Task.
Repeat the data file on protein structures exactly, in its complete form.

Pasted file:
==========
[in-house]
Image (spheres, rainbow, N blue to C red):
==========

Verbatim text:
[in-house]
Image (spheres, rainbow, N blue to C red):